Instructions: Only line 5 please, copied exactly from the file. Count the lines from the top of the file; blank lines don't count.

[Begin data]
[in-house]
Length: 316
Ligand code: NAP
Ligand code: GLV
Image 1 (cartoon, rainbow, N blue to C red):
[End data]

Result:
Image 1 (cartoon, rainbow, N blue to C red):